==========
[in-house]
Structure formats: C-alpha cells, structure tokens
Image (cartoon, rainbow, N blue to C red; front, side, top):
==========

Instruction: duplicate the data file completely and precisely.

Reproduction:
[in-house]
Structure formats: C-alpha cells, structure tokens
Image (cartoon, rainbow, N blue to C red; front, side, top):